The 2020 Concacaf Women’s Olympic Qualifying tournament will kick off what is set to be a year of Women’s Football at Concacaf.  In total, more than 1,400 girls and women from the entire region will have access to top level football tournaments, including the Girls’ Under-15 Championship and the Women’s Under-17 and Under-20 Championships.

2020 Concacaf Women’s Olympic Qualifying Tournament

Dates: January 28 - February 9, 2020

Venues: BBVA Stadium, Houston, TX (Group A matches), HEB Park, Edinburg, TX (Group B matches) and Dignity Health Sports Park, Carson, CA (Semifinals and final)

Participating Teams (listed in alphabetical order): Canada, Costa Rica, Haiti, Jamaica, Mexico, Panama, Saint Kitts and Nevis and United States.

Competition Format: The eight participating teams have been sorted into two groups of four teams. After round-robin play, the first and second place finishers of each group will advance to the semifinals. The semifinal winners will automatically qualify for the tournament’s final, as well as the Women’s Olympic Football Tournament Tokyo 2020.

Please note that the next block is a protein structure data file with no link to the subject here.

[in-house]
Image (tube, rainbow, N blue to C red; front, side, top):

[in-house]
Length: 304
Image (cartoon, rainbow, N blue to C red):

Schedule
*Kick off times to be confirmed and order of the matches subject to change

Tuesday, January 28, 2020 – BBVA Stadium, Houston, TX
Costa Rica vs Panama 
USA vs Haiti

Wednesday, January 29, 2020 – HEB Park, Edinburg, TX
Mexico vs Jamaica
Canada vs Saint Kitts and Nevis

Friday, January 31, 2020 – BBVA Stadium, Houston, TX
Haiti vs Costa Rica
Panama vs USA

Saturday, February 1, 2020 – HEB Park, Edinburg, TX
Saint Kitts and Nevis vs Mexico
Jamaica vs Canada

Monday, February 3, 2020 – BBVA Stadium, Houston, TX
Panama vs Haiti
USA vs Costa Rica

Tuesday, February 4, 2020 – HEB Park, Edinburg, TX
Jamaica vs Saint Kitts and Nevis
Canada vs Mexico

Friday, February 7, 2020 – Dignity Health Sports Park, Los Angeles, CA
SF1: 1B vs 2A
SF2: 1A vs 2B

Sunday, February 9, 2020 – Dignity Health Sports Park, Los Angeles, CA
F: Winner SF1 vs Winner SF2

Tarania Clarke, who recently represented Jamaica’s Reggae Girlz during the Olympic Caribbean qualifiers, was stabbed to death in Kingston on Thursday.

Four new players have been named in a 20-player Reggae Girl squad for the upcoming matches in Group B of the Women's Olympic Qualifiers that Jamaica will host from September 30 to October 8.